I realized that at some point the energy at UPS must have shifted from denial and obfuscation of the obvious facts to acceptance, so all the energy wasted before that turning point could be redirected to solutions. I was left wondering how many coal-based utilities would openly and honestly acknowledge that they were polluters, and how much energy and resource might be unleashed if they just accepted that fact and owned the responsibility to deal with it.

Become present with the problem and challenges for all stakeholders, and look across boundaries to embrace “coopetition.” It’s one thing to understand a problem from your own perspective. It’s another thing to really experience it — to internalize the challenges that the problem causes and really commit yourself to being an active, vital part of the solution. Yet, you’ll also want to understand the perspective and roles that others will play in the transformation and work in concert with them to achieve progressive alignment across all the powers with a stake in the game.

A great example of this is playing out in the renewable energy space, especially in the solar industry. Ultimately, deep penetration of renewables will require broad acceptance by electric utilities. However, management and engineers within today’s utilities often see renewables as a major nuisance with technical and economic hurdles that are not worth overcoming compared with the alternates at hand. While most entrepreneurs and renewables advocates are spending their energy and precious resources lobbying for mandates to force utilities to use renewables, a few are starting to understand they might gain more by working with utility leadership to envision solar and other renewables as a problem-solving asset.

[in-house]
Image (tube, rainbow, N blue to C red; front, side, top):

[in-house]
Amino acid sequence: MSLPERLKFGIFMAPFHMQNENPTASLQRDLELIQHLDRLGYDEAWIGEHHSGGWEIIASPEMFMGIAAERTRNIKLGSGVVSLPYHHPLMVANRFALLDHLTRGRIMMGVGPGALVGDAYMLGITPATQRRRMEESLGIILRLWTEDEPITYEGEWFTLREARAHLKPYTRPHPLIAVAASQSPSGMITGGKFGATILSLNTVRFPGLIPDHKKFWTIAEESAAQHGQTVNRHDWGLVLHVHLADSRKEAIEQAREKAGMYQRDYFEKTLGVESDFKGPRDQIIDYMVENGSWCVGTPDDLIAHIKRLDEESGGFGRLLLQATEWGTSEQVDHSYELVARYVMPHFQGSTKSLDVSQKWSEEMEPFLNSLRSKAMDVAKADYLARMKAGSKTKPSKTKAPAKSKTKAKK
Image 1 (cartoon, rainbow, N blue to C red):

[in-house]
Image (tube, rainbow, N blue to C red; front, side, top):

Avoid a too big a focus on quick wins or buzz about the latest and greatest technology. Instead, measure progress one step at a time and in terms of potential scalability. Solutions to messy problems including climate change, national security and economic competitiveness take a long time to develop and rarely take the shape or form expected at the outset, so it’s really hard to predict and measure progress.

That’s OK, and as such it’s essential to see and celebrate small wins and to recognize that in many ways the ultimate scalability of what we are doing today may contribute more than the specific ideas themselves.

For example, many of today’s very successful solar business models and products, which work really well under subsidies, are likely not terribly scalable since they are often unintentionally customized for success within an artificial market. Conversely, some of today’s more moderately successful solar business models and products are slowly proving themselves in unsubsidized and less solar-friendly markets, likely building on a core set of customer-oriented values, which will serve them well in when all the subsidies fade away.

As visionary business leaders have shown, we can all take immediate actions in this grand effort to transform the biggest and most complex system in modern society. Beyond the first steps, diligent application of tested approaches including systems thinking to look beyond narrow boundaries will, in time, create solutions to some of the most wicked problems of our time.

Ned Harvey is the Chief Operating Officer of the Rocky Mountain Institute. This piece was originally published at RMI.